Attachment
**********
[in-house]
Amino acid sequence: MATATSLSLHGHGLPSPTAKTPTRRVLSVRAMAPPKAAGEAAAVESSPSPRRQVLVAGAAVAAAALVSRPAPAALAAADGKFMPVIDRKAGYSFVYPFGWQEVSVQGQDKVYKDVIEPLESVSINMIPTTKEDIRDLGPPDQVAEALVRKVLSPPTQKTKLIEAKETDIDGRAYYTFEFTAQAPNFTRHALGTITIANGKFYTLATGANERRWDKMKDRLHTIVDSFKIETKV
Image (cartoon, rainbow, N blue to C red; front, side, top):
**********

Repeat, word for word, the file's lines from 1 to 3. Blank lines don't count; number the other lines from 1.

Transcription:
[in-house]
Amino acid sequence: MATATSLSLHGHGLPSPTAKTPTRRVLSVRAMAPPKAAGEAAAVESSPSPRRQVLVAGAAVAAAALVSRPAPAALAAADGKFMPVIDRKAGYSFVYPFGWQEVSVQGQDKVYKDVIEPLESVSINMIPTTKEDIRDLGPPDQVAEALVRKVLSPPTQKTKLIEAKETDIDGRAYYTFEFTAQAPNFTRHALGTITIANGKFYTLATGANERRWDKMKDRLHTIVDSFKIETKV
Image (cartoon, rainbow, N blue to C red; front, side, top):